What About Selective Color and Alternative Color Methods?
Up to this point, we’ve talked mostly of an either/or end product, but what about cases where the final image is a combination of color and black and white? Selective color, the use of color only in specific areas of a black and white image, is both shamefully overused and surprisingly effective when used thoughtfully. It can be a perfect marriage of the two techniques or it can be their bastard.
You’re at risk of beating your audience over the head with your point if you take it the obvious route, but there’s a lot available in terms of choosing the level of saturation, color relationships within your selections, and the way those pops of color are composed within the image.
There’s also the matter of monochrome imagery, where the tints, shades, and tones of a single hue are used exclusively throughout a photo. Basically, a black and white image of that specific color. It’s hard to say if monochrome should be considered a subset of full color or of black and white photography, but it unquestionably combines their challenges. Like black and white photography, a monochrome work is left to draw the viewer’s eye using primarily composition and value while still navigating the questions color photography always raises: Which colors work with this concept? How do I use saturation as part of this composition?
Color Psychology and Photography
While color theory is a big deal in this discussion, we can’t really talk about whether it’s better or worse than non-color without touching on the psychology of it. Commercial photographers already know that color choice can impact how a viewer feels about the product as heavily as the marketing language. That’s why brands can be so fierce about using “their” colors, down to a specific pantone, for continuity across their promotional materials.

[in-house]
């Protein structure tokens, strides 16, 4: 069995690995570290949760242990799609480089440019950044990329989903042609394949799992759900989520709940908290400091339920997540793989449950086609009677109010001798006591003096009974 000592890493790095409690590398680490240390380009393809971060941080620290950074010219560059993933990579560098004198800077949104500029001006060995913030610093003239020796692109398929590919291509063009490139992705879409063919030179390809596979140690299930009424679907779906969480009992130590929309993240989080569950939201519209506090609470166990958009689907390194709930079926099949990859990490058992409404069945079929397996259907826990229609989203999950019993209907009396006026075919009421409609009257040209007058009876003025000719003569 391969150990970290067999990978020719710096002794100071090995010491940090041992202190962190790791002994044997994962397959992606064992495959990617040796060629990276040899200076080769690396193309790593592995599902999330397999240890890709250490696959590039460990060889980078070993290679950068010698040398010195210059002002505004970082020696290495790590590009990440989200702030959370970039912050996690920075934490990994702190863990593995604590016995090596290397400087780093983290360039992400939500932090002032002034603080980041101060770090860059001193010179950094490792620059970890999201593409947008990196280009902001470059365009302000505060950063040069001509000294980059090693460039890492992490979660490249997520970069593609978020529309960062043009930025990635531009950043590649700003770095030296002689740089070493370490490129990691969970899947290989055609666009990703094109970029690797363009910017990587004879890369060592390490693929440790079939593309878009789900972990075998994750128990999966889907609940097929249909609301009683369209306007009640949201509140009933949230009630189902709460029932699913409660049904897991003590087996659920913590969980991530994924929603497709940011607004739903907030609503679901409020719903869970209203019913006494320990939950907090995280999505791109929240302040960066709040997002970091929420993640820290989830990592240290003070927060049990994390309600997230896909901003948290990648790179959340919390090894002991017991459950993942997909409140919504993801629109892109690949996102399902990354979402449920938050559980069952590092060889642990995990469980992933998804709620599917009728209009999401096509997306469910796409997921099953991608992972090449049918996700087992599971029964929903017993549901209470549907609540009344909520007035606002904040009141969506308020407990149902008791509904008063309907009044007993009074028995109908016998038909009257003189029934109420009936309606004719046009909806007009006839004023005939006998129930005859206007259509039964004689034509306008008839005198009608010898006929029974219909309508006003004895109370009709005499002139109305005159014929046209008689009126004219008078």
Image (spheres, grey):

Take the food industry, for example: fast food restaurants in particular lean heavily toward the warm end of the spectrum, relying on saturated reds, oranges, and yellows because they can simulate feelings of hunger, urgency, or need. Though blue is stereotypically associated with calm or even sadness, it’s also often used to project non-threatening masculinity in marketing, while greens generally evoke feelings of balance and oneness with nature.
Whether these are due to social implications or a natural response is a different conversation (though we can probably all agree that it’s a little bit of both). It’s proof though, that color can add layers to your work when you use it wisely.
It’s a tool to be used with caution, since color carries certain cultural and social associations that can speak louder than your meaning. It’s not just on a global or regional scale, either. As we discussed earlier, everyone has their own individual experiences that they are drawing on when they observe your work, and you can’t account for every single viewer’s history in every photograph you make. Embrace these associations if you like or try to set them aside in favor of impartiality, but always be thoughtful when you are considering them.